Narcissists are often very charming, and they are able to attract many successful, healthy people because of that. But it doesn’t usually take very long before the narcissist’s grandiose sense of entitlement and inflated sense of self leads to intolerable bad behavior.
While it can take a while for you to adjust to the shocking change, most people will eventually decide to end such abusive relationships.
Narcissists learn early on that people tire of their abusive behavior and leave them, which engenders an almost uncanny ability to know when you’re over them. But that doesn’t mean that they’re done with you. In fact, that’s often when they engage in other abuse tactics to get revenge.
All of this is part of the narcissistic abuse cycle that involves idealization, devaluation, and discard. If you don’t leave your narcissistic partner, they will often initiate the discard themselves.
They will do that as a defense mechanism before you can hurt them by leaving. But no matter how the relationship ends, they will often come back, and you need to be prepared.
What do Narcissists Do When They Know You’re Done?
If you’re in a narcissistic relationship, you’ve probably experienced many of the following appalling behaviors.
- Sudden, explosive outbursts of narcissistic rage
- The silent treatment as a punishment
- Haughty behaviors in public and toward you
- Manipulation and control tactics
- A pervasive pattern of grandiosity
- Negative remarks meant to destroy your self-confidence
- Attention-getting behaviors
- Antagonistic patterns of antisocial behavior
People with mental disorders like narcissism have an underdeveloped sense of self. They need other people to provide them with adulation so they can prop up their grandiose sense of power. This makes it extremely difficult to have a healthy relationship because it results in manipulative behaviors.
These narcissistic traits develop at an early age, and the young narcissist learns quickly how to manipulate people to get their needs met. The lack of empathy, however, makes it difficult, if not impossible, for them to understand your needs.
That results in unacceptable behavior that most people reject despite their surprise at the seemingly sudden change in their temperament. While narcissists are not bad people – they’re damaged people – that doesn’t give them the right to treat other people the way they do.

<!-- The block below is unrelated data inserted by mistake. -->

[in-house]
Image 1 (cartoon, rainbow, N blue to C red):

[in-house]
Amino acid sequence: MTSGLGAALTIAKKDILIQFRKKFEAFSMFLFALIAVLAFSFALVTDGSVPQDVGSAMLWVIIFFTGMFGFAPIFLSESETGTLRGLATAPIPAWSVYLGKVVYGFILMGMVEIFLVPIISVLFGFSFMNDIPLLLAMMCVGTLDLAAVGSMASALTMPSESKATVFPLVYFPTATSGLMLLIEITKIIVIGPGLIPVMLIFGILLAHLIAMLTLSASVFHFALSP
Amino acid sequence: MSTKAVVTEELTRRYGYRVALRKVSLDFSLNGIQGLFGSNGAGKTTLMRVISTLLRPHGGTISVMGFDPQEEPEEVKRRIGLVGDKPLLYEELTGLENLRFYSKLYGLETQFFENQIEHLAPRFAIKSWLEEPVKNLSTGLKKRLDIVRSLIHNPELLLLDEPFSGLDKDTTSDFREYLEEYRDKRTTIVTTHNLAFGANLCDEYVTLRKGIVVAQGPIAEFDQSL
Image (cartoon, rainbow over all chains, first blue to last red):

What Are Common Narcissistic Reactions?
Their history of failed relationships, however, gives them an almost sixth sense of when someone is fed up. When that happens, they do several different things, including the following common narcissistic reactions:
- Turn the charm back on to win you back
- Gaslight you to distort reality
- Initiate a smear campaign against you to damage your credibility
- Use projection to make you into the bad guy
- Triangulate with friends and family members to isolate you
When either one of you finally ends the relationship, they will often come back, sometimes after years apart. In this way, the pathological narcissist cycles through people to ensure they will always have a source of narcissistic supply.
Why Do Narcissists Behave the Way They Do?
A healthy person has developed a strong sense of identity, and they are able to soothe themselves using internal identity mechanisms. A narcissistic person, on the other hand, has a stunted sense of identity.
This is the result of childhood trauma that caused them to believe their true nature is hopelessly flawed. The damaged child buried that ugly truth deep inside themselves and constructed an exaggerated sense of self to replace their flawed true self.